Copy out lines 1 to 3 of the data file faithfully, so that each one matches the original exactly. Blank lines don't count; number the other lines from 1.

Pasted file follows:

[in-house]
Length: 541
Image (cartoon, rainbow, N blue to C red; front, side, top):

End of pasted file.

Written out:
[in-house]
Length: 541
Image (cartoon, rainbow, N blue to C red; front, side, top):